Maryland Democrat Elijah Cummings, a 63-year-old black Baptist congressman from Baltimore, spent Monday in Utah, looking through the soaring red rock Window Arches surrounded by desert. He was still digesting the “excellent” barbecue chicken from a Dutch-oven the night before, when he rode a flatbed boat on the Colorado river in Canyonlands National Park. And he still wanted to talk about his weekend trip in the King Air twin-propeller plane used by Utah Governor Gary Herbert and his chance to meet a state county commissioner whose wife had been recently treated for cancer. “That was so significant to me,” Cummings told TIME, who has called his vote for the Administration’s signature healthcare law the most important of his 18-year career. “Cancer is a big factor in my family and in my district.”
All along this voyage of discovery, Utah Republican Rep. Jason Chaffetz, a 47-year-old Mormon who opposed Obamacare, was by Cummings side, and neither would have had it any other way. The two-night Chaffetz-Cummings trip was designed to deepen a bond first forged in June, when Chaffetz went to Baltimore to better understand the seniors, former convicts and AIDS patients in Cummings’ district. Now Cummings, his black Under Armour t-shirt poking out underneath his polo, trekked west to learn about the consequences of putting the Gunnison Sage-Grouse on the endangered species list and economic impacts of designating 1.8 million acres around Canyonlands as a national park. Chaffetz, whose mother died from cancer, said their talk about the disease was “a reminder to [Cummings] that we have a lot in common.”
Commonality matters because Chaffetz and Cummings may soon control one of the most bitterly partisan and dysfunctional bodies in the U.S. Congress, the House Oversight and Government Reform Committee. The current chairman, Republican Darrell Issa of California, will be stepping down in January because of term limits, ending a tenure that has been marked by ceremonial shout fests, banging gavels and few measurable accomplishments. Democrats have attacked Issa for exploiting partisan outrage and forging few legislative responses to legitimate scandals, including the botched “Fast and Furious” gun-trafficking sting, the 2012 Benghazi terrorist attack and the Internal Revenue Service’s targeting of political groups. Some Republicans have also, more quietly, expressed dismay at the committee’s lack of accomplishments. In March, committee decorum hit a new low-point when Issa shut off Cummings’ microphone during an IRS hearing, which Issa quickly then adjourned before later apologizing.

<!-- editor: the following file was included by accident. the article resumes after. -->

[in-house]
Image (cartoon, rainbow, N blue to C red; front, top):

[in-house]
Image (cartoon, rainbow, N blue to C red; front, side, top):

Few can imagine Cummings ever choosing to spend recreational time with Issa. But with Chaffetz, whose reputation is both conservative and cordial, the two men seem to have hit it off. Cummings says Chaffetz would not wield the gavel like Issa if chosen as the next chairman, even though the two Republicans are close on the political scale. “Although we have disagreements, I have always found him to be non-disagreeable,” says Cummings. Like a twin, or at least a congressman used to sharing the stage, Chaffetz agreed almost word-for-word with Cummings in a separate phone interview. “We’re going to disagree on most issues,” Chaffetz told TIME. “I just don’t want to be disagreeable.”
On Tuesday, the two men showed up together on MSNBC’s Morning Joe to show a united front. “I want a relationship which will allow us to get things done,” said Cummings. “I actually want to get some stuff done,” said Chaffetz.
In interviews, the two men brought that same level of comity in their descriptions of each others districts, which lie on opposite ends of the political spectrum. “They wanted to preserve their environment but at the same time they wanted to be able to use their land,” said Cummings, who noted that some ranchers he met were their families’ seventh generation working the land. “I thought I would hear from folks who were just one-sided. But I felt that they were trying to reach some kind of balance.”
“We’ve got some issues in Utah that are uniquely western,” said Chaffetz, who wore jeans and brown leather cowboy boots around Canyonlands. “You can’t truly appreciate that until you feel and see it. The same is true in Baltimore. They’re dealing with a ton of issues such as food deserts [neighborhoods lacking in healthy food options] that I’ve never heard before.”
Chaffetz and Cummings may even start to dress alike. Waiting for Cummings in his Capitol Hill office is a gift, a brown, felt cowboy hat from Burns Saddlery, “a real one,” says Chaffetz, who owns a black version.
“I don’t know that I’d recommend he wear his hat in his district, but if he comes out West again he’ll look right at home,” Chaffetz said. “And I’m not wearing a cowboy hat in Baltimore unless I want to get my butt kicked.”
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